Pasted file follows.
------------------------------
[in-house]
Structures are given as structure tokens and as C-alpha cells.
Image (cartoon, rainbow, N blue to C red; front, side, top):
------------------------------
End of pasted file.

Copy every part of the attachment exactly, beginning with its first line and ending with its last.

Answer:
[in-house]
Structures are given as structure tokens and as C-alpha cells.
Image (cartoon, rainbow, N blue to C red; front, side, top):